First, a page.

Even children who aren’t talking by the beginning of the second year of life are sending clear messages with gestures. They begin by giving or holding up objects with the intention of getting their parents’ attention and progress to gestures like shaking their heads “no” and waving “bye-bye.” By about 14 months, infants are pointing to the things they want and by about 16 months, they are pointing to things they want their parents to look at – just to share what’s of interest to them. This last kind of pointing is the foundation for sharing information with words. In time, instead of pointing and making a sound when he is fascinated by a baby crying, the child will be able to say, “Baby crying.”

By the end of the second year, children are communicating primarily with words (they can say about 300 words) for a variety of reasons, including asking questions and sharing something they think the other person will be interested in.

If your child isn’t using and understanding a range of gestures, including pointing, he’s going to have challenges interpreting and sending non-verbal messages.

Tips to Help Your Child Use Gestures (from the Hanen More Than Words® guidebook)

  • Hand your child something that he wants (e.g., a favourite treat or toy) in a transparent container that is hard for him to open and wait for him to give it back to you (a gesture) so you can open it for him
  • Sing songs that have gestures in them (e.g., If you’re happy and you know it, clap your hands, wave goodbye, nod your head).

Social Communication in the Preschool Years (3-5 years)

During the preschool years, children increase their vocabulary size to around 6000 words and speak in longer sentences. But the biggest changes during these years are what children talk about. No longer focused on just the here and now, preschoolers use language to talk about the future, the past and to problem-solve. In conversations, they often show consideration for their conversational partner by making a comment or asking a question about something the other person has already said.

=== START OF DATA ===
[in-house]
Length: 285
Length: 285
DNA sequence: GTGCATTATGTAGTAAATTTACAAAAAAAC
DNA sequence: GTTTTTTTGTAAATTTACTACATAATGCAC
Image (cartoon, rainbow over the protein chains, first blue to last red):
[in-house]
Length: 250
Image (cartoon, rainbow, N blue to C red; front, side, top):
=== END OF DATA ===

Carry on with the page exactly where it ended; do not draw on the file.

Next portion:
If your child is talking, but only talking about the things that he’s interested in or doesn’t connect what he says to what the other person says, he’s showing you that he’s having trouble tuning in to people and still needs to work on using communication for social purposes.

Tips to Help Your Child Tune In to Others (from the Hanen TalkAbility™ guidebook)

  • In everyday situations, talk about the differences in what people like and think. For example, you can ask your child to help you pick cereals in the grocery store, based on what he knows about the preferences of family members. This helps him think about what others think and like.
  • When you read books with your child, talk about what the character in the book is thinking and feel.

In conclusion...

No two children are alike in their social or communication development, but there are certain milestones which children must reach in order to be successful communicators. Having delayed or missing milestones doesn’t mean that your child can’t make significant improvement. Early intervention that focuses on your child’s social and communication strengths and challenges can make all the difference.

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The Hanen Centre has developed two excellent programs to help parents of children on the autism spectrum learn how to promote their child’s communication development in everyday conversations and routines.

For more information on the More Than Words® program for parents of children with autism spectrum disorder, click here.

For more information on the TalkAbility™ program for parents of children with high functioning autism, click here.

To find out more about how Hanen can help you help children communicate, click on the links below: